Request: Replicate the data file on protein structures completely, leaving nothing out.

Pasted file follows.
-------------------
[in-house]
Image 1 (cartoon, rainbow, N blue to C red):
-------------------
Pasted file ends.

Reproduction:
[in-house]
Image 1 (cartoon, rainbow, N blue to C red):